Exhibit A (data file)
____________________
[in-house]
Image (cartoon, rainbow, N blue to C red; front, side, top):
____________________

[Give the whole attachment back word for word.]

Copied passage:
[in-house]
Image (cartoon, rainbow, N blue to C red; front, side, top):